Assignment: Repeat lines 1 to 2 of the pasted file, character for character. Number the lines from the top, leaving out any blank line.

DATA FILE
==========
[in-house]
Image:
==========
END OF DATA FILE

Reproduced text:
[in-house]
Image: